Imagine you’ve taken over a new project, and the documentation is the second type—two pages long, with the code six months old.
You’d quickly appreciate the benefits of quality documentation.
Unfortunately, developers tend to realize the importance of good documentation only after they need it.
Prevent this from happening to your team, and implement comprehensive documentation practices from the outset. Perhaps the easiest way is to focus on comments first.
Comments are an invaluable resource, as they explain ‘why’ the code is doing what it’s doing (the ‘how’ should be self-explanatory).
Look at this uncommented code:
It’s legible, but why it’s doing whatever it’s doing is a mystery. Here’s the same piece of code, but with comments:
With comments, we know exactly what this code was designed to do, and why.
Show the difference to your team—they’re bound to notice the benefits and should begin including regular comments.
A README document provides a general overview of the software, highlighting the most salient points. It often also has guidelines on how to install and run the software.
Everything under the sun is covered, and you can tell right away if it’s relevant to you immediately.
It’s worth introducing your team to its benefits and educating them on how to write a good README.
Small changes can make a world of difference.
Coding is a highly technical, particular process, and inadequate tools can make or break the quality of someone’s output.
Having such a comprehensive workstation is his way of doing things and allows him to code to his best ability. You’d be slowing him down if you take away even one component.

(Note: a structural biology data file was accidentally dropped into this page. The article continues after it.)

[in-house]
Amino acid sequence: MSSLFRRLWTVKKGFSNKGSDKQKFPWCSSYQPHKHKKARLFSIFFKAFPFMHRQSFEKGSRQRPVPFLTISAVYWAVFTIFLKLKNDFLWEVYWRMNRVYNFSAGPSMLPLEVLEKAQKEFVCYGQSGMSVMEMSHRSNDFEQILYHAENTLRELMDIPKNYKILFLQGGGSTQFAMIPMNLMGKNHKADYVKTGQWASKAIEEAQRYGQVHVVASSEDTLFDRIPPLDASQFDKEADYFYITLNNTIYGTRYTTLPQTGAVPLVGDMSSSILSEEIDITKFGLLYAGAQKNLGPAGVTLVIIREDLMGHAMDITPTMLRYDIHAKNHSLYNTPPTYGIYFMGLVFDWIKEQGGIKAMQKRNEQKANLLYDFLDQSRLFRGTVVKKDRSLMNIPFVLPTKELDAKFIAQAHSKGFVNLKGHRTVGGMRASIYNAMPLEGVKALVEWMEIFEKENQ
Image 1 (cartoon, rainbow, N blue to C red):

What is more valuable—your employees’ long-term working speed or a couple of hundred dollars of short-term expenses?
When a developer requests different or upgraded tools, speak to your finance department. Ask if the expense is within the budget, and explain the developer’s contributions to the company. Strive to illustrate their worth, and even put it into numbers if you can. Do what you can to equip your team with the best equipment out there—it should pay off in the long run.
That way, you save your team members time since they won’t have to toggle between emails, windows, and apps. The investment pays off when you realize how many minutes you’re saving.
Such statistics are a great incentive to opt for a single, one-stop software. Such a tool is bound to increase your developers’ productivity.
If you recognize any of the above at your workplace, take action.
If technical debt and poor documentation are eating up your developer’s hours, implement regular refactoring and technical writing hours.
Alternatively, if programmers or non-technical managers are causing friction, single them out, sit down with them, and try to work through the problems.
Finally, if inadequate tools impede the progress of your team, speak to the finance department about implementing new equipment.
If meetings constantly interrupt your employees, condense meetings to one dedicated day.
We hope the above advice makes a difference. Follow it, and your team’s productivity should shoot through the roof.